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[p. 36] used, moreover, to express our gratitude to all the skilful officers and brave men of the army and navy who achieved such decisive victories over the enemies of our country.

This memorial shaft speaks to us also of our manhood and national character. The rush of our heroes to the ranks, when they heard the first gun against Fort Sumter, proved—what? It proved, conclusively, that we had a New England, and a national character already formed in the souls of these patriots, lying silent and unseen till the country called for it; and, when it did call, it found these men to be intense Americans, intense New Englanders, intense Medfordites. Medford recognized them with one universal shout of approbation.

Have not these facts taught us about our manhood and our national character? We feel now, as this generation has never felt before, the vital force of patriotic principle, and the solemn obligation of patriotic duty. Do we not feel this new meaning of the word patriotism tingling from our central heart to every extremity? Our soldiers and sailors have taught us this, and are they not our permanent benefactors? They have brought to light this new nation in our midst.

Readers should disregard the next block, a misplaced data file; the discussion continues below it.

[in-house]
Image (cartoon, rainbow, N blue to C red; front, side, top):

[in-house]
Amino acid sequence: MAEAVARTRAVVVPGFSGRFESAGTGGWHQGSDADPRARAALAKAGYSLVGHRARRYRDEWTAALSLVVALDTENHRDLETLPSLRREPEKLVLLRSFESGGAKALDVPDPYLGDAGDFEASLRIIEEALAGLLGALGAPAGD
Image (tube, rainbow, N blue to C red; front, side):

Again, these memorial pillars testify to the power of our Constitution to bear the new and untried strain of a gigantic civil war. Our Constitution proved a safe compass on a stormy sea.

Furthermore, this column suggests to us our duties. It asks us to love our Union more and more every month, and to watch with eagle eyes the doings of its enemies.

Among the imperative and Christian duties of our country now is the education of the freedmen. In the immortal proclamation of President Lincoln, January 1, 1863, there is an implied promise that the United States would instruct the freedmen in the new rights and new duties of their new condition. That divine proclamation changed all the slaves—into what? Not into orangoutangs,

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